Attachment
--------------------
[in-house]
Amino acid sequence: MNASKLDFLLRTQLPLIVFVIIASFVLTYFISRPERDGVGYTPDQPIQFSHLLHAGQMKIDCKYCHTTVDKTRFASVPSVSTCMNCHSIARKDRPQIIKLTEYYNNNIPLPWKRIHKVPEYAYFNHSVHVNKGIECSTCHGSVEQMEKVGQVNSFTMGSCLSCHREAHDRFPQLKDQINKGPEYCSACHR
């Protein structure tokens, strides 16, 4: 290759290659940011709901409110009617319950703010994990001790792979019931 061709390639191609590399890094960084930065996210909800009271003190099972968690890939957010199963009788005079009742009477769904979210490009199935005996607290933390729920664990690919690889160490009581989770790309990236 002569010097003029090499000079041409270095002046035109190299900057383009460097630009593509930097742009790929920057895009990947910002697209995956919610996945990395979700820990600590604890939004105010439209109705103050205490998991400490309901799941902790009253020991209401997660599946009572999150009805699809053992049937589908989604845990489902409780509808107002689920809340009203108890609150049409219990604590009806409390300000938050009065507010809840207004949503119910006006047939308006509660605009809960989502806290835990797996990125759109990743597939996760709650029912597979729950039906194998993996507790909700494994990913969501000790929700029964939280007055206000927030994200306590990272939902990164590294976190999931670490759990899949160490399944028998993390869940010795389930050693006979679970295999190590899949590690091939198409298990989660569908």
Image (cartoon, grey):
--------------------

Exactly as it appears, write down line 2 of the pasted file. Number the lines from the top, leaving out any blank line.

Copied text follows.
Amino acid sequence: MNASKLDFLLRTQLPLIVFVIIASFVLTYFISRPERDGVGYTPDQPIQFSHLLHAGQMKIDCKYCHTTVDKTRFASVPSVSTCMNCHSIARKDRPQIIKLTEYYNNNIPLPWKRIHKVPEYAYFNHSVHVNKGIECSTCHGSVEQMEKVGQVNSFTMGSCLSCHREAHDRFPQLKDQINKGPEYCSACHR